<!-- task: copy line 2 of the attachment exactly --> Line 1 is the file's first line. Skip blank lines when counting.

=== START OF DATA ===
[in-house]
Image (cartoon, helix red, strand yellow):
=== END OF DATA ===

Image (cartoon, helix red, strand yellow):